- The Washington Times - Thursday, July 20, 2000

NFL owners took careful note last year when bungled estate planning helped lead to the sale of the Washington Redskins outside the family of Jack Kent Cooke.

Now the owners once again are looking to Washington, hoping for a repeal of the federal estate tax that could prevent emergency sales of their teams outside their families and resulting tax bills in the hundreds of millions of dollars.

The NFL's considerable interest in the estate tax debate is the result of a collision of three factors: the NFL's long-standing ban on corporate ownership, average franchise values that have more than doubled since 1995, and a crushing 55 percent tax on estates worth more than $3 million.

The owners each hold assets worth well into nine figures but have comparatively little hard cash. They have become textbook examples of what opponents say is wrong with the tax, that it unfairly burdens those with valuable but illiquid assets built up over a lifetime, and are very closely watching the Republican-led push on Capitol Hill finally to abolish the tax.

"The estate tax has been an important part of the league's lobbying program for a number of years. It's a critical issue for them," said Marc Ganis, a Chicago-based sports industry consultant. "With the massive run-up in franchise values and overall wealth we've seen in the last couple of years, and the increasing average age of the owners, it's definitely becoming an even more pressing issue for them."

The House passed a bill last month repealing the federal estate tax by a 279-139 vote largely along party lines. The Senate followed suit Friday 59-39.

President Clinton has vowed to veto the bill once it is forwarded to him, largely because of the nearly $1 trillion it would cost the federal treasury over 20 years and because only 2 percent of Americans have an estate large enough to owe taxes on it. Each estate receives a $675,000 deduction before the tax kicks in.

Republicans, however, are continuing to pressure Clinton to sign the bill. An override is not unlikely, but Republicans may make the issue a centerpiece of their upcoming convention in Philadelphia.

The estate tax fails to affect most Americans, but each NFL owner falls squarely in the 2 percent that pays dearly.

Before Cooke's death in April 1997, he sought to avoid an estate tax bill of at least $350 million by willing his entire estate, the Redskins included, to a non-operating charitable foundation established in his name. The plan also was intended to ease greatly an eventual transition of team control to his son, John.

But the will did not foresee a market for NFL teams that skyrocketed following the signing of lucrative new TV contracts in 1998 and, as a result, left no firm instructions for John to compete against it. A contentious 10-month sale process ensued, with Dan Snyder eventually emerging as the winner in an $800 million purchase.

Some owners, such as Lamar Hunt in Kansas City and the late Rankin Smith in Atlanta, worked for years to plan their estates and considerably soften the blow of the tax bills for their children. The late Leon Hess also avoided the issue by mandating in his will shortly before his death last year that his Jets be sold outside his family.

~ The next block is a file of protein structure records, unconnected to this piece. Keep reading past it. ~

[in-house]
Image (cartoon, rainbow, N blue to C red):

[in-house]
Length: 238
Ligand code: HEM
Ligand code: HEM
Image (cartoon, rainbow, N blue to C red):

Other owners, such as Art Modell of the Baltimore Ravens and Jerry Jones of the Dallas Cowboys, have employed other measures, such as pre-paying the tax, purchasing expensive life insurance policies or simply selling shares of the team while still alive as a means to get around the tax.

None, however, would be nearly as effective or popular as a simple repeal.

The Cincinnati Bengals were particularly hurt by the estate tax. Late owner Paul Brown, like the elder Cooke trying to avoid the tax, gave up all profits from 1984 to 1993 to his minority shareholders in exchange for options for his family to buy the controlling shares in the team. The plan, as well as a $37 million estate tax bill the Brown family needed a year to successfully challenge, sapped millions from the team's football operations. The franchise posted an NFL-worst 52-106 record in the 1990s.

Some other older owners, such as the Buffalo Bills' Ralph Wilson and the Oakland Raiders' Al Davis, also are vulnerable to a heavy tax burden if a Clinton veto stands. Without other assets to cover the bill, a sale of their teams would be necessary. The 78-year-old Wilson, for one, already has conceded that his estate will be forced to sell the Bills once he dies, quite possibly to interests outside Buffalo.

"Estate taxes makes every one of us nervous," Pittsburgh Steelers owner Art Rooney told Bloomberg News. "If there's an owner who isn't, he has his head in the sand."

Joe Browne, the NFL's vice president of communications and government affairs, downplayed the league's interest in the current estate tax debate, saying the league was just as eager to see a proposed ban on Internet gambling become law. That bill, however, was defeated in the House on Monday night.

"We're closely monitoring [the estate tax] issue, just like we closely monitor any issue that directly affects our league," Browne said. "Some clubs, for obvious reasons, are more interested in this one than others."

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